Partitive has many functions in Finnish (and in Estonian), and though its uses overlap substantially in the languages, the uses also diverge in other ways beyond the pseudopartitive facts discussed here. I am not proposing that all instances of partitive case in Finnish are inherent—for discussion, see Csirmaz (2012), Vainikka (1989, 1993), Vainikka and Maling (1996).
As a reviewer notes, it would be interesting to see if this difference had any ramifications for syntactic differences between the two languages. Unfortunately, I do not know what those differences might be, especially given that this is a fairly narrow corner of the grammar of these languages.
Some caveats are necessary. Like Estonian, German has at least two partitive constructions, which van Riemsdijk calls the direct and indirect partitive constructions. When I refer to German here, I am referring to the direct partitive construction. As van Riemsdijk shows, the two constructions require different analyses. As for Greek, the empirical generalization as claimed in the literature is that N1 and N2 always share the same case (see, e.g., Alexiadou et al. 2007:410). However, the case system of Modern Greek is rather impoverished, and it is difficult to find an example where both N1 and N2 are unambiguously in nominative or accusative case, because the two are often syncretic. I am grateful to Melita Stavrou (p.c.) for creating these examples, where both N1 and N2 are distinct for nominative and accusative.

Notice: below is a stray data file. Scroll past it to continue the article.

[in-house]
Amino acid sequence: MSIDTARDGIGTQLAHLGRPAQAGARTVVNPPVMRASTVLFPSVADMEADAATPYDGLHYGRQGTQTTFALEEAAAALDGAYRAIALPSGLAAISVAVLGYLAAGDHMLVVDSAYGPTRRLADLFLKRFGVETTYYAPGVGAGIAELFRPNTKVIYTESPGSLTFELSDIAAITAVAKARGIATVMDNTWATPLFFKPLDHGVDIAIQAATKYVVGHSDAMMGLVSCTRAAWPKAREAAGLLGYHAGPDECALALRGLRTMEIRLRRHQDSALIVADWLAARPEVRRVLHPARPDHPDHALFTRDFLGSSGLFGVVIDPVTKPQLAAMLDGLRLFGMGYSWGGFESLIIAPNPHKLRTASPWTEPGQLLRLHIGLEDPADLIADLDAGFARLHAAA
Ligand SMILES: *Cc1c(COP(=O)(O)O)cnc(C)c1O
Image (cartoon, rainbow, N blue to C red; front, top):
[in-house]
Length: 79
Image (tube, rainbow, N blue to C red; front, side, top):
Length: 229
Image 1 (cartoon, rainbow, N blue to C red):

Harley (2009) treats of as a more broadly available last resort case mechanism. In her analysis, it is used to rescue nominalization constructions that lack a VoiceP, and thus, a means of assigning accusative case to the internal argument under her analysis. Harley assumes that of a dissociated morpheme, inserted postsyntactically for morphological well-formedness reasons (329).
A reviewer notes that there is a long-standing tradition of identifying this use of of as a kind of genitive case and wonders if this is importantly different from what I propose here. The answer to that depends crucially on how this genitive of is introduced into the structure. For example, Harley and Noyer’s (1998) proposal for of is very similar to what I propose here. However, if the of is a case in name but formalized as a PP headed by of, that would be quite different from my analysis, where the of-marked phrases are smaller than PP.
Like German, Danish also has an indirect partitive construction, but Hankamer and Mikkelsen (2008) argue quite convincingly that the N2 phrase in these constructions is a regular PP, so I set them aside here.
Thanks to a reviewer for raising the possibility of this comparison.
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This project has a long history, and I am indebted to many people for their assistance at various stages of that history. Thanks are due especially to Mark Baker, Sandy Chung, Amy Rose Deal, Jorge Hankamer, Boris Harizanov, Ruth Kramer, Jim McCloskey, David Pesetsky, Melita Stavrou, and Anie Thompson. I am thankful for the very constructive comments of Julie Anne Legate and three anonymous NLLT reviewers. I would also like to thank audiences at LSA 2013 and BLS 41. I thank the following Estonian speakers for discussing their language with me: Katrin Jänese, Mervi Kalmus, Leelo Kask, Mirjam Kuusik, Kärt Lazić, Maarja Lutsar, Maire Moisto, and Siim Põldre. All errors are my own.